You are Not the Voices Inside Your Head.

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negative thoughts

In my experience, one of the most important aspects of becoming a deeply healthy person is uncovering and embracing what I call our “health shadows.”

Jung defined the shadow as the “dark side” of our psyches, invisible forces deep within our subconscious that affect us in ways that we often can’t explain.

In the context of health, our shadows are those unconscious, disowned, or suppressed that sabotage even our most sincere attempts to become healthy and create the changes we seek. We experience them when we repeat behavior that we know isn’t serving us, or that may even be doing us outright harm.

For many of us, these shadows take the form of unwholesome voices inside our heads. I have seen this play out in my own life and also with my clients and loved ones. Regardless of how “together” we seem on the outside, inside, the voices are incessant. Whether it is the fat on our thighs, the coffee that hides our exhaustion, our secret addiction to ice cream, the insomnia that plagues us at night, or our avoidance of exercise, the voices inside will always tell us that we ought to know better and do better.

One of the most powerful tools I’ve found for dealing with the shadow is the Voice Dialogue technique, created by clinical psychologists Hal and Sidra Stone, originators of the Psychology of Selves. Voice Dialogue is a therapeutic technique in which we get to play with the myriad of different perspectives within ourselves that we name as voices.

In their article, Voice Dialogue: Discovering Ourselves, they describe it as “dialogue with the family of selves that lives within each of us.” In my work with clients I will often weave elements of Voice Dialogue into our engagement as a way to reveal and uncover aspects of the shadows.

When we’re entrenched with our identification with certain voices in our heads, we see those voices as being “who we are.” The loud voices—like the voice of shame and the voice of self-judgment—become “me.” We believe that what those voices are saying is “truth.” In a sense, we cage ourselves into a very small and limited conception of who we are.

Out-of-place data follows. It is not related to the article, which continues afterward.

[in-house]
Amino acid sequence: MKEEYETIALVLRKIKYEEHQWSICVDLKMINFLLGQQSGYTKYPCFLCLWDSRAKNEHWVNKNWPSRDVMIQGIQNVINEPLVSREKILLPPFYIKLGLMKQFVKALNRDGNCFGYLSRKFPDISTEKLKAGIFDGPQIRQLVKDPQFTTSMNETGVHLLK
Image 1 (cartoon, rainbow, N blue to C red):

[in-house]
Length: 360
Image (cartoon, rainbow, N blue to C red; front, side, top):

By using Voice Dialogue, we can loosen that identification and begin to discover the flexibility and capacity necessary to embody and understand different perspectives within ourselves. We can come to recognize that the inner voices that have caused us so much pain, voices that we’ve been identifying with, are actually only a few out of an infinitely wide spectrum of viewpoints inside of us.

Through consciously playing with these different voices in ourselves, we can begin to strengthen some of the softer voices that have been bullied into silence and submission, in some cases for a lifetime. We can invite these voices into conversation with each other.

While the Voice Dialogue technique is something that works best when guided by a skilled practitioner so that you have the outside reflection and witnessing that help to reveal the shadows, you can also explore it on your own.

Find a private, quiet space with your journal. You can explore the voices in a journal or speak them out loud. Both practices can be very powerful. Choose a voice—”the critic” for example—that you want to enter into dialogue with. Ask a question of your critic like, “How are you feeling?” or “What are your needs?” If you are doing this with a partner, he or she can ask the questions.